Everybody loves a champion, man, woman, child, the rich, the poor and all others in between. And there lies what could well turn into the folly that is Pacquiao. More than everybody, politicians and traders love a champion, a winner. The most cock-eyed of the lot know a fantastic sell when they see one. With reason, they know and see Pacquiao as a winner. And there lies what could well be the tragedy of the victor that is Pacquiao.
Filipinos have elevated him to the hall of heroes but to men of commerce and politics, Pacquiao is no more than a poster boy, a product endorser, a mouthpiece, perhaps even a clown. On Sunday at the ring, for instance, The Pacman wore boxers that flaunted the names and logos of all the companies with which he had clinched commercial endorsement contracts two months earlier, or before he could punch his first at Morales in Las Vegas.
On the butt of his white boxers, Pacquiao wore the name of a firm selling car batteries. On his left and right thighs, on the front and back, he brandished the red-yellow-orange flame of a clothing company's logo, the flag of an airline, and all over, the patches of a line of athletic socks, an energy drink, instant coffee, and a Telco's pre-paid card service.
A patch bought its doubtful place of honour on the boxer's shorts for as much as 1.5 million pesos, or about $29,000. One newspaper estimated that the shorts he wore to victory had already earned for Pacquiao no less than 5 million pesos, or about $96,000. In gist, the boxer sold his boxers like he was pitching billboard space to advertisers. One advertiser recounted in jest that it was the boxer himself who offered to emblazon his boxers with product logos and patches. "He even told us that the best buy was the space at the back of his shorts, not in front," according to one advertiser who wanted but could not afford to buy space.
Business, apart from boxing, has occupied The Pacman in recent years. He has launched his own MP (Manny Pacquiao) line of clothing. Apart from building a handsome house for his wife and kids and mother, Pacquiao has opened a retail store and bought a farm for raising fighting cocks. Additionally, he has signed up with a local network to do duties on-cam as host of his weekly sports program, "Manny Pacquiao, Sports Idol."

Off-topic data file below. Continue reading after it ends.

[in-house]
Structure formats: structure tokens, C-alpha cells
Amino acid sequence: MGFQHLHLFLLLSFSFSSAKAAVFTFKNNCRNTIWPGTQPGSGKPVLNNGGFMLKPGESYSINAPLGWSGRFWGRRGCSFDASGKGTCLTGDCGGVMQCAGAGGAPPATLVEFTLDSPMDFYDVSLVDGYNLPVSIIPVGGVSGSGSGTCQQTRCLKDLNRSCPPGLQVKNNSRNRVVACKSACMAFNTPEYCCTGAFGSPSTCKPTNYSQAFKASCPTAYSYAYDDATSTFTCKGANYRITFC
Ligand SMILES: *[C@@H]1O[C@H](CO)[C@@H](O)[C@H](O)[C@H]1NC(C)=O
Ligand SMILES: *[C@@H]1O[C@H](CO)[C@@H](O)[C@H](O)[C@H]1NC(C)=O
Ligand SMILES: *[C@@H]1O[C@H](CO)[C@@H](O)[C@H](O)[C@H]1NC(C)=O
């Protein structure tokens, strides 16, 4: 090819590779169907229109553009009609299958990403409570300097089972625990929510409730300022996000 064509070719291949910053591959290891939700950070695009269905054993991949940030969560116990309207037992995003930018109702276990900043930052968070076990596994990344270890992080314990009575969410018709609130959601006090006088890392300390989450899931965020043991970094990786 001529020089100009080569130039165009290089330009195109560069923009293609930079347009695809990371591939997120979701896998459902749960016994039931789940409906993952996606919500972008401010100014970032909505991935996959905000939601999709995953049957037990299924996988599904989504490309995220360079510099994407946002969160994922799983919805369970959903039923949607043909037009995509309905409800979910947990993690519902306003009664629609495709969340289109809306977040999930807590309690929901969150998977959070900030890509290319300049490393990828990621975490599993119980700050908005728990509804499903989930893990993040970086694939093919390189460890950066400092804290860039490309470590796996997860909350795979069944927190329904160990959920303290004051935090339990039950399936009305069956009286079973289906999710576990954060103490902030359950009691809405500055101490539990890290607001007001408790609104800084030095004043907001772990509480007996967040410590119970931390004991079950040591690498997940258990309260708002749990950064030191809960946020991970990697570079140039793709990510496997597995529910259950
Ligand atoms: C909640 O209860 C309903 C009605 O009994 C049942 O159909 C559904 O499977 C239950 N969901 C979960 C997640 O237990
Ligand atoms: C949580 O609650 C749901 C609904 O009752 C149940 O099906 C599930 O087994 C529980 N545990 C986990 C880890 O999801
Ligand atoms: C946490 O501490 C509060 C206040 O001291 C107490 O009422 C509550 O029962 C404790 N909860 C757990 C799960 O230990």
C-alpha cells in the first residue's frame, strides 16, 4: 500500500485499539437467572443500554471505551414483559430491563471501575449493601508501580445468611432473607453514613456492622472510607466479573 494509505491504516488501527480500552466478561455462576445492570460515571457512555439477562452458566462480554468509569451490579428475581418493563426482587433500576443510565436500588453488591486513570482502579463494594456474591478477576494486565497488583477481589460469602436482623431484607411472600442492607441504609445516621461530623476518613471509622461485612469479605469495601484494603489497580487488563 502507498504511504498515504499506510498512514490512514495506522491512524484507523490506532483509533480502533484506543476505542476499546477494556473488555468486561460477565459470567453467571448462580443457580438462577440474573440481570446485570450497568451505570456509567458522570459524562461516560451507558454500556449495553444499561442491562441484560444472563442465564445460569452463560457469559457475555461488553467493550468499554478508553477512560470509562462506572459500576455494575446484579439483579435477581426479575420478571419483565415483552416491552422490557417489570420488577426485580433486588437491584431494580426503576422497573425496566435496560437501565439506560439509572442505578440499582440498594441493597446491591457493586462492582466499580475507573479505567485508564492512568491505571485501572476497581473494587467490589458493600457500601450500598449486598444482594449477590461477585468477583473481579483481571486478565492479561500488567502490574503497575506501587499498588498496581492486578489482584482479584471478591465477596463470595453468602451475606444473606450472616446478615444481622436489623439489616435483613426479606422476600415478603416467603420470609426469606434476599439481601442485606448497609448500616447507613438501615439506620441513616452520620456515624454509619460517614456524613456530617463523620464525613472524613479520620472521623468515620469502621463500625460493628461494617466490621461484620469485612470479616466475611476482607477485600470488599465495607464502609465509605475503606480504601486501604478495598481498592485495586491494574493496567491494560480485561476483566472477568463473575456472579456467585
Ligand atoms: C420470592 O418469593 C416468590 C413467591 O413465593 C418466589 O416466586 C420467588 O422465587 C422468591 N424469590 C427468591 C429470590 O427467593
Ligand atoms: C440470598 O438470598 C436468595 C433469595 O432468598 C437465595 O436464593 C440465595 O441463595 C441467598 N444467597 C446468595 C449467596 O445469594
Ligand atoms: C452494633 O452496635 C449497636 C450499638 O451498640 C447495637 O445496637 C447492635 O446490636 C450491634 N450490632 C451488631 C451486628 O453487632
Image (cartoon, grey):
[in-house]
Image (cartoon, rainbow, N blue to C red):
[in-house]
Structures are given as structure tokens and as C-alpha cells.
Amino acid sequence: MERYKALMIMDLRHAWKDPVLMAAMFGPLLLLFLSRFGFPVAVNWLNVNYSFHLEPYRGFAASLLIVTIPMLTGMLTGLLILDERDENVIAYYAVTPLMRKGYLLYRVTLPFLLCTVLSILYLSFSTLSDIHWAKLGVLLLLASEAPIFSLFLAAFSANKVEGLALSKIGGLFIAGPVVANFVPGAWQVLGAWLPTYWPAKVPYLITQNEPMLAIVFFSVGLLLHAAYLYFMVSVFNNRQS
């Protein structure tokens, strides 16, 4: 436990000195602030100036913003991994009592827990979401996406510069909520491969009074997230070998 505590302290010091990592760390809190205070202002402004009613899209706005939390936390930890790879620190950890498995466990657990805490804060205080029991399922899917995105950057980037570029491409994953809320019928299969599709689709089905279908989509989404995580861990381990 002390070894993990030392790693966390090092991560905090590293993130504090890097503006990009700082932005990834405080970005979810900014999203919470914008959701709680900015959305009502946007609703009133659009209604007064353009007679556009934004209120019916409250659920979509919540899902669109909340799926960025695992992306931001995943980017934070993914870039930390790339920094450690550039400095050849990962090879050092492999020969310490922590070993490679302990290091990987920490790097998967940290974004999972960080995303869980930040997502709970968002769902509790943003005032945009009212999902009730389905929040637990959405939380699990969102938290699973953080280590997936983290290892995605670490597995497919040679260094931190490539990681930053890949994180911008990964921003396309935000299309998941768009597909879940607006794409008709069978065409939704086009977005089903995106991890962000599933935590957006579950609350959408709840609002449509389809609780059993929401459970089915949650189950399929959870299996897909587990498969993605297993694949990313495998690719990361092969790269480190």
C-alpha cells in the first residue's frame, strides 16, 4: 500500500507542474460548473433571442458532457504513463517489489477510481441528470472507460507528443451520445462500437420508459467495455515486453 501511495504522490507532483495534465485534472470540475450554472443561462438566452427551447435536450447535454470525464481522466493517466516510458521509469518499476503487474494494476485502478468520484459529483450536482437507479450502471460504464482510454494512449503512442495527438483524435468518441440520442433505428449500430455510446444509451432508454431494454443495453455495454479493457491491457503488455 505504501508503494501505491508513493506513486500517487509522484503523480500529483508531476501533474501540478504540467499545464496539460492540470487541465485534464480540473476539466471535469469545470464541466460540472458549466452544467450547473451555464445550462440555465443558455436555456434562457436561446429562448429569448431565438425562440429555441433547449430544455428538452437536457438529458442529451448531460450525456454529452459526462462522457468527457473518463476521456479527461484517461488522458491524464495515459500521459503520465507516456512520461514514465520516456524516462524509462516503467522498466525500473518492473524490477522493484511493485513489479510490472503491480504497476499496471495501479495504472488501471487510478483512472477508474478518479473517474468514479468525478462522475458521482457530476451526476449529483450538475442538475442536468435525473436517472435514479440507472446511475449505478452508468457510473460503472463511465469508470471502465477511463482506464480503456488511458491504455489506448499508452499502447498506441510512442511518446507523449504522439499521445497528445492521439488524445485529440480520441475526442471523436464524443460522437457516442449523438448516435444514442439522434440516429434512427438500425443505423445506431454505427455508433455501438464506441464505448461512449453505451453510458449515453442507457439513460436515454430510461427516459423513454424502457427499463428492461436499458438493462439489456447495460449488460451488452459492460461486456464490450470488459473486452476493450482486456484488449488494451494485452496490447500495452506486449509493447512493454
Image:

By all indications, The Pacman is making hay while the sun shines bright on his career. For this, and all his efforts to keep and expand his wealth, he deserves neither rebuke nor ill will. An athlete savours glory and fame and wealth for just the brief fleeting period of their youth.
If he gets into all these deals eyes wide open, well and good. If he does so to make money, well and good for him. But if he does only always with just an eye for money, or only to please politicians and traders, Filipinos should stop ascribing Pacquiao with super hero qualities, and assigning him roles bigger than a boxer could perform. Pacquiao lives and does not qualify as yet to be a hero. Pacquiao continues to live it up as well, and does not qualify as yet to be installed as national symbol. At the very least, too, Pacquiao must stop pretending to be more than what he is. He should quit donning the vest of a vassal of truth, peace, unity, and reconciliation because in fact he is simply a great boxer, a huge celebrity, and a sure-fire product endorser for now, period.

Big Fights Coming in February

During the month of January, we witnessed some great boxing match-ups as well as a few intriguing outcomes. O’Neil Bell became the undisputed cruiserweight champion when he knocked out Jean Marc Mormeck in the 10th round. In the same evening, Carlos Baldomir pulled off a stunning upset by defeating the undisputed welterweight champion, Zab Judah, by unanimous decision, earning the WBC title. Then last weekend, Manny Pacquiao defended his WBA international title, handing Eric Morales the first knockout loss of his professional career. With the month of January coming to an end, February looks to be even more exciting and action-packed.
On February 4th, in El Paso, Texas, Jose Luis Castillo (53-7-1, 47 KO’s) was scheduled to take on Diego Corrales in a rubber match for the WBC/WBO lightweight championship. It was unfortunate that Diego Corrales suffered an injury, forcing him to pull out the bout, but Rolando Reyes (26-3-2, 16 KO’s) is stepping in for Corrales and will take on Castillo. After coming off a close split decision win over Ivan Cabrera last October, Reyes would love to make a statement by defeating Jose Luis Castillo.
Then on February 18th, a triple championship card will be taking place inside the Aladdin Casino located in Las Vegas, Nevada. The WBO strawweight champion, Ivan Calderon (24-0, 5 KO’s), defends his title against former WBC champ Isaac Bustos (24-7-3, 13 KO’s). Also, Brian Viloria (18-0, 12 KO’s) defends his WBC junior flyweight title against Jose Antonio Aguirre (33-4-1, 20 KO’s). Finally, Antonio Margarito (32-4, 23 KO’s) defends his WBO welterweight title in the main event against Manuel Gomez (28-10-2, 19 KO’s).